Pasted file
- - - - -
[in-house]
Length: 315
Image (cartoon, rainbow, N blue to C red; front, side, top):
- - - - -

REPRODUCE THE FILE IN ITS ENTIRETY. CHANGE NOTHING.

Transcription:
[in-house]
Length: 315
Image (cartoon, rainbow, N blue to C red; front, side, top):